The Philosophical Review (2017) 126 (4): 421–479.
Published: 01 October 2017
... is indispensable for any reason-based representation of the rightness function here, is menu-related, not agent-related. One might try to respond by accepting even further properties as admissible candidates for normatively relevant properties in a consequentialist theory. Generally, one might ask: What kinds...
The Philosophical Review (2017) 126 (1): 140–146.
Published: 01 January 2017
... question of political philosophy that Philip Pettit sets about to answer in his On the People's Terms ( OTPT ). In this book, the author presents a theory of republican democracy based on freedom as nondomination (FND) as a core standard of legitimacy. In doing so, Pettit's book joins a movement...
The Philosophical Review (2016) 125 (2): 155–204.
Published: 01 April 2016
... consists of the following two claims (where ‘NI’ abbreviates ‘nature-based interpretation’): (NI-Dep) x depends on y if and only if (1) there is some relation R such that x R y , and (2) x R y by x 's nature but not by y 's nature. 72 (NI-Sub) x is a substance if and only...
The Philosophical Review (2001) 110 (4): 635–638.
Published: 01 October 2001
... at issue need not (likely would not) accept the needed presupposition. Unless Brewer thinks that all reference is fundamentally perceptual or that all beliefs are perceptually based, we cannot conclude that every basic empirical belief has its content only in virtue of its relations to perceptual...
The Philosophical Review (2020) 129 (2): 159–210.
Published: 01 April 2020
...—and in an initial way, the political ones as well—of proclaiming a preference, or consent based on it, nonautonomous in this way. Elsewhere I distinguish between two closely related values that are often associated with the word “autonomy”—that of nonalienation and that of sovereignty (see Enoch 2017a ). You're...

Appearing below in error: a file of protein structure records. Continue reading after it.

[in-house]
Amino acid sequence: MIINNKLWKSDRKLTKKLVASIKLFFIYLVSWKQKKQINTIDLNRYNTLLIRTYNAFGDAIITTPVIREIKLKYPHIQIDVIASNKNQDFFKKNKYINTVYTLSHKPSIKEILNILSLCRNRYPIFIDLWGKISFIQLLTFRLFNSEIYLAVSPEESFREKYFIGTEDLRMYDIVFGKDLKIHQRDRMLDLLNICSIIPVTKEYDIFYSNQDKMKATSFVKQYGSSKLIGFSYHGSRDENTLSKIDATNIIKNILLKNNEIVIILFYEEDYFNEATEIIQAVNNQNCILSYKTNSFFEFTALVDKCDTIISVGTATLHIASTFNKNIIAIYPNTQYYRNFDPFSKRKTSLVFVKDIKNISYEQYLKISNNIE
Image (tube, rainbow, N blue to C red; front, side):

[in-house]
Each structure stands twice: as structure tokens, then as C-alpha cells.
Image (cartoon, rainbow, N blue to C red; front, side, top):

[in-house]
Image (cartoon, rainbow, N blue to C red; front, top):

The Philosophical Review (2017) 126 (2): 147–190.
Published: 01 April 2017
... a representation of a linear ordering that is not based on the representation of the part-whole relations of collections. This nonderivative representation of a linear ordering is a hallmark of an ordinal conception of number. 16 Nevertheless—and this is crucial to understanding and assessing Kant's views...
The Philosophical Review (2000) 109 (2): 277–281.
Published: 01 April 2000
... of Inductive Logic, ed. J. Hintikka and P. Suppes. Amsterdam: North Holland. ____. 1975 . The Logic of Conditionals. Dordrecht: D. Reidel. Bacchus, F., A. J. Grove, J. Y Halpern, and D. Koller. 1996 . “From Statistical Knowledge Bases to Degrees of Belief.” Artificial Intelligence 87 : 75 -143...
The Philosophical Review (2018) 127 (4): 558–561.
Published: 01 October 2018
... perceivers, objects, and the like, and take that to be the bearer of chromatic properties” (143). She therefore rejects both standard realist views that hold external items have colors as well as brain-based irrealist views that relocate color qualities or qualia “in the brain” (Averill, Block, Lormand...
The Philosophical Review (2020) 129 (2): 211–249.
Published: 01 April 2020
... are they merely nonnormative explanatory reasons. 31 The fact that this or that consideration is a chess-based reason, or an etiquette-based reason, or an epistemic reason does not seem to be expressible without loss in nonnormative terms. For instance, Kelly (2003) argues that the epistemic support relation...
The Philosophical Review (2012) 121 (3): 472–474.
Published: 01 July 2012
.... This book develops a normative theory of analogical argumentation— “The Articulation Model” (24)—which is based on two main principles. The ﬁrst is “The Requirement of Prior Association: The description of the source domain must include an explicitly stated vertical relation which the analogy is supposed...